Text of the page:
Richard Deakin, NATS Chief Executive, remarked: “This is a landmark agreement that heralds a significant technical advance in mitigating the radar interference from wind turbines; it unlocks significant potential for wind-based power generation and indeed for the UK in meeting its carbon reduction targets.

“We’ve been committed to working across the industry to find a way of unlocking this new power while ensuring aviation safety.  This is a fantastic result.”

The announcement was received enthusiastically by the UK’s renewable energy industry. RenewableUK’s Chief Executive Maria McCaffery said:

“This is another significant step forward for the UK’s wind energy industry, as it creates fresh opportunities to install new capacity in areas of the country which enjoy excellent wind resources. It also marks what we hope is the start of a wider process to introduce modifications at other radar stations throughout the UK to unlock even greater capacity. RenewableUK is proud to have played its role, helping to bring the parties together and support them in the long-running process which has produced innovative technical solutions and led to this ground-breaking deal”.

In other news, last week Scottish Power revealed plans which would potentially more than double the capacity of the Ben Cruachan hydro electric power station. The hydro-plant, located in Argyll & Bute, currently has a capacity of 440 MW but this could increase to 1,040 MW of capacity provided  the feasibility studies being carried out over the next two years are successful. If the expansion does go ahead construction would take up to a decade and create 1,000 jobs during the period of peak construction.

The Scottish Government has already came out in support of the expansion. Increasing the amount of hydro-storage capacity available to the National Grid could be crucial to realizing  the country’s renewable energy ambitions. Hydro-power can be used at times of high demand and can also be used as energy storage when renewable generation outstrips demand. Electricity from, as an example, wind turbines can used to pump water up to the top of the dam meaning that hydro power can then be utilized as required at times of higher demand.

Both these pieces of news indicate the progress that Scotland is making towards its renewable ambitions both in terms of improving infrastructure and using technological progress to unlock previously unusable renewable capacity. We at Intelligent Land Investments (Renewable Energy) look forward to playing our part in helping to realize them further.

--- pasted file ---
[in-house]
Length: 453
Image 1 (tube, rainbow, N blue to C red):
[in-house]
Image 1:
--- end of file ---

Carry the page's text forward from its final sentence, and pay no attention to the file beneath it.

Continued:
New radar system could mean boon for onshore wind

Last week a new and potentially revolutionary 3D radar system was tested in Scotland. The new system is designed to eliminate interference in radar systems from wind turbines.

Current radar systems can be subject to interference from wind turbines. When spinning and generating power turbines in areas covered by aviation radar systems can potentially confuse or ‘clutter’ radar. Whilst there are some limited solutions available to turbine developers the scale at which these can be used is limited. Existing aviation radar systems can be ‘patched’  to reduce any potential for ‘clutter’ on radar screens however this must be done on an individual basis and it is generally the case that one patch can be used in a 2.5 kilometre radius. Additionally patches are not always available. These limitations have meant that many potential onshore wind developments have been unable to progress despite them meeting all other criteria for development in terms of environmental and landscape impact,grid capacity, visual impact etc. The trade body RenewableUK has estimated that approximately 6.2 GW (Gigawatts) worth of onshore wind developments have been held up due to such aviation issues. However, this figure is likely to be higher due to developments being dropped early or never progressed with due to expectations of such issues down the line.